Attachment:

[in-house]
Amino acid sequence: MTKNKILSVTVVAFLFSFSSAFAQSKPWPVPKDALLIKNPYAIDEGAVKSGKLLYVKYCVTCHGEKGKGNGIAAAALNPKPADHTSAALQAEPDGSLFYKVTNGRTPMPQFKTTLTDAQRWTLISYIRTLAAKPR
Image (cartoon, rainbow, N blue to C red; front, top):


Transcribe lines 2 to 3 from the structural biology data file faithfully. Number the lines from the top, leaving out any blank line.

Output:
Amino acid sequence: MTKNKILSVTVVAFLFSFSSAFAQSKPWPVPKDALLIKNPYAIDEGAVKSGKLLYVKYCVTCHGEKGKGNGIAAAALNPKPADHTSAALQAEPDGSLFYKVTNGRTPMPQFKTTLTDAQRWTLISYIRTLAAKPR
Image (cartoon, rainbow, N blue to C red; front, top):